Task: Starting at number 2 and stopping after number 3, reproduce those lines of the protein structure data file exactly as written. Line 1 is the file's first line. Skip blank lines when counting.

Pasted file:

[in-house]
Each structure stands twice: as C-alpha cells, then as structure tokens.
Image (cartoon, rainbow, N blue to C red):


Each structure stands twice: as C-alpha cells, then as structure tokens.
Image (cartoon, rainbow, N blue to C red):